International - There’s no denying that there is some open space in the sub-one-tonne bakkie market, both in South Africa and abroad, but just how much international sales potential this market has is still up to debate.
However it’s interesting to learn that Toyota is currently having this discussion. The company’s executive vice president of sales for North America, Cooper Eriksen, recently told Motor Trend that such a vehicle is currently under consideration.
"One of the spaces we're looking at - that won't be short-term - is where the compact pick-up truck is going. You have Santa Cruz and Maverick on the market, and it will be interesting to see (Volkswagen) Scout,” Eriksen told Motor Trend.
“Today, we have the market really well covered with Tacoma, but that (a compact bakkie) could be a possibility and something we continue to look at," he added.
The Toyota Tacoma, by the way, is the US market equivalent of the Hilux, and it is rumoured that the two one-tonne products could merge for the next generation.
At this stage it’s unclear whether a sub-Hilux bakkie would take the form of a unibody or body-on-frame vehicle.
"If there's a customer that needs a rugged, smaller body-on-frame vehicle, we can consider that, but if it's more for urban use and less extreme off-road, then it would make more sense to use the TNGA unibody platform," Eriksen said.
Considering how the market has evolved thus far with new contenders like the Ford Maverick and Hyundai Santa Cruz, Toyota would likely go the unibody route, a move that would see it using the latest TNGA modular architecture that underpins models like the Corolla and Rav4.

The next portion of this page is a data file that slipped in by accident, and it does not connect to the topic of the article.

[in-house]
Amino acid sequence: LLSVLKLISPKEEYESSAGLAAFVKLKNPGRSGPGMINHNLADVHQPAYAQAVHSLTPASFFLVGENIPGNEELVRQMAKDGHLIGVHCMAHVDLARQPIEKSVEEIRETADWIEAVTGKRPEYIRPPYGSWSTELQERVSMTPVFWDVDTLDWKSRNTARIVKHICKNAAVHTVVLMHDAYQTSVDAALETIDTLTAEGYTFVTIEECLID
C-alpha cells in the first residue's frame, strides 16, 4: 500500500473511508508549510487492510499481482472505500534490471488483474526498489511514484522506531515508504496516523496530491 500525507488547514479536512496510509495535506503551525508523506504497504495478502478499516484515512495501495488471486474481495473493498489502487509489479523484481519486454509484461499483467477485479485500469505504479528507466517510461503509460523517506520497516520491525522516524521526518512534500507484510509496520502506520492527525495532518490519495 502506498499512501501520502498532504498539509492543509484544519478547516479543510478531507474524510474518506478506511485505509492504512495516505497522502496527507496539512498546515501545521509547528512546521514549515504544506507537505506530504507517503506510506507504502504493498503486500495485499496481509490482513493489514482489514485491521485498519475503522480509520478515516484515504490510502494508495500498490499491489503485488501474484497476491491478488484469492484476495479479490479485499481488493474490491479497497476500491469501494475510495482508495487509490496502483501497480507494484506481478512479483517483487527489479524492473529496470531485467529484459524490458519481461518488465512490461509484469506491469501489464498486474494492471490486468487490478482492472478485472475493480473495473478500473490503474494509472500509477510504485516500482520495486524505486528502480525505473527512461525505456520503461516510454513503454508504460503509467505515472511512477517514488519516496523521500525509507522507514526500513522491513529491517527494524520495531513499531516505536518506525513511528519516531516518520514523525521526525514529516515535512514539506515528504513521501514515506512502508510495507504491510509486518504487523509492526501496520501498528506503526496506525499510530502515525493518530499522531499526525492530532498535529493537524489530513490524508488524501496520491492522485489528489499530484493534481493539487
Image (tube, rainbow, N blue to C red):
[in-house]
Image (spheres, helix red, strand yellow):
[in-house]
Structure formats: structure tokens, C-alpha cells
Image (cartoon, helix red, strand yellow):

Could it even take the form of a Corolla Cross bakkie? That would be interesting, while also opening up the possibility of South African production.
However, it remains to be seen whether Toyota will even build a compact bakkie for international markets, let alone one that might be sold in South Africa. Yet given how dominant the Toyota Hilux is in this country there could certainly be sales potential for a cheaper and more urban-friendly bakkie with a Toyota badge.
Interestingly Toyota South Africa did toy with the idea of a creating a single cab version of the previous-generation Corolla Quest, which apparently even made it to the prototype stage, although the product was ultimately canned due to economic considerations.
If Toyota does end up creating a new compact bakkie for international markets, its biggest rivals would be the Ford Maverick and Hyundai Santa Cruz, as well as the Fiat Toro in some South American markets. Chevrolet is also said to be working on a new compact double cab to replace the Montana, which was sold as the Ute in South Africa until GM divested.
It’s worth noting, however, that compact pick-ups are not exactly setting the market alight in regions such as the US, which favour larger pick-ups. Here the Maverick managed just 19 245 unit sales in the first quarter of 2022, compared to around 140 000 Ford F-150s.